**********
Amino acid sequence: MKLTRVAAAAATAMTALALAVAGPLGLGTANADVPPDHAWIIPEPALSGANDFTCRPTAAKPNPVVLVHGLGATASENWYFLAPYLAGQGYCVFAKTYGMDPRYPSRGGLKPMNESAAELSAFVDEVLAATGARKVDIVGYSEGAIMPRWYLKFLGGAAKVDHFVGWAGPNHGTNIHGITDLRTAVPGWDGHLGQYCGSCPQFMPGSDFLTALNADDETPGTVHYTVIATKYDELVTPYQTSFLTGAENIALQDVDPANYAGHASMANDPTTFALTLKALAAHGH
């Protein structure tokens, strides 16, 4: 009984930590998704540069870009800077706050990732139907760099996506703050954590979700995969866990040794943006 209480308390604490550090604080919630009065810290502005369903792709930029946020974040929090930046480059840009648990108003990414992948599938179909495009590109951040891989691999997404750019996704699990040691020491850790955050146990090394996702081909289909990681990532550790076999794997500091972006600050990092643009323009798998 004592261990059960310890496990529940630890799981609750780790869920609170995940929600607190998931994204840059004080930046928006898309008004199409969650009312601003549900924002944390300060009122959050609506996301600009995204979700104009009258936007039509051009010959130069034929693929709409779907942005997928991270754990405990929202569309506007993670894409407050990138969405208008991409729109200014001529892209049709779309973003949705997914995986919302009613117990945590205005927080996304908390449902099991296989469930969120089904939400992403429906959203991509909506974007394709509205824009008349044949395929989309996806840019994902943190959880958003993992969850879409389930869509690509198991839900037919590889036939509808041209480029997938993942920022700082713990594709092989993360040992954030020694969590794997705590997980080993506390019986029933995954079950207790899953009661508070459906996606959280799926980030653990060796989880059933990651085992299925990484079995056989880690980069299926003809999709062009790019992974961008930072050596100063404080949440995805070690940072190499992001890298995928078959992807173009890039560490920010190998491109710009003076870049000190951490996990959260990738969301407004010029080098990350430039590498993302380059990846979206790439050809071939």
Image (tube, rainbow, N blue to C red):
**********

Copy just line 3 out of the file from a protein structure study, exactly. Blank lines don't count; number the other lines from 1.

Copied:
Image (tube, rainbow, N blue to C red):